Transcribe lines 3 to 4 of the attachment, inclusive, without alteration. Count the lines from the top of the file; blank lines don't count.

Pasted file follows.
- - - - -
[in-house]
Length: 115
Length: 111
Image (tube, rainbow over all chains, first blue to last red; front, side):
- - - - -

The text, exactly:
Length: 111
Image (tube, rainbow over all chains, first blue to last red; front, side):